In a few months' time, Switzerland will inaugurate the centrepiece of the massive “Rail 2000” railway project.
With an upgraded timetable to be introduced in December, the journey time between Bern and Zurich will be reduced from 69 minutes to just under one hour.
On Wednesday, the first train to test the new tracks between Mattstetten and Rothrist with passengers on board hit 160 kilometres per hour. Earlier tests saw speeds climb as high as 240 kilometres per hour.
Around 1,900 test runs will be completed by the time the line is opened, when the first regularly scheduled passenger train travels from Bern to Zurich on December 12.
For Hans-Jürg Spillmann, who oversees track infrastructure for the Swiss Federal Railways, the change of line will be quite an event.
“The opening of the new track is really something,” he told swissinfo. “ We haven’t opened a new line for quite some time.”
He compares the opening of the new track, the centrepiece of the Rail 2000 project, with the inauguration of the Simplon tunnel from Switzerland to Italy 100 years ago.
“Switzerland will become even smaller,” he added, “especially between the western and the eastern parts of the country.”
The president of the Swiss parliament, Max Binder, who sat in the locomotive for the trip, said he was convinced the financial effort was worth it.
“I’m sure that this investment is a major step for the development of public transport in the future,” he said.
The project has cost SFr4.5 billion ($3.66 billion) to date, with another SFr1.2 billion still to be spent. But it should be completed on schedule and at a cost well below the budgeted SFr7.4 billion.
But the planned top speed of 200 kilometres per hour on the new track will not be introduced straight away. The Federal Railways blame the delay on the new European security system, ETCS.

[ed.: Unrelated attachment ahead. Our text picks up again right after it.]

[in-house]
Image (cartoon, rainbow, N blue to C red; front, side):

“We are the first to introduce this system,” explained Spillmann. “We realise that its development hasn’t reached the point where we can use it from December onwards.”
Maximum speeds won’t be reached on the new Bern-Zurich stretch before 2006. “We need the ETCS to reach 200 kilometres per hour on our busy network,” added Spillmann.
The new track is part of the first phase of the Rail 2000 project. The second phase, although approved, has been put on hold because of federal spending cuts.
If completed, Rail 2000 will be a dense network with interconnections all over Switzerland. According to Spillmann, it would not be unlike a metropolitan rail network.
Binder, whose rightwing People’s Party is in favour of more spending cuts, says he would prefer the project to be completed.
“The system needs to be complete to work properly,” he told swissinfo. “If there are holes in it, what remains doesn’t function with 100 per cent efficiency.”
Decisions on the second phase of Rail 2000 should be taken in 2007 or 2008.
swissinfo, Christian Raaflaub in Mattstetten
The new section of track between Zurich and Bern is 45 kilometres long.
Built between Mattstetten, north of Bern, and Rothrist, south of Olten, its use should cut 15 minutes off the trip beween the capital and Zurich, putting the two cities less than an hour away from each other.
The current line is over 100 years old.
After the Rail 2000 concept was approved in 1987, the Swiss repeatedly voted in favour of other government bills on transport, all of which aimed at a shift of traffic from road to rail.
Apart from the construction of two new Alpine base tunnels at the Gotthard and Lötschberg respectively, the package includes connection to the European high-speed network, noise reduction measures, and the Rail 2000 concept.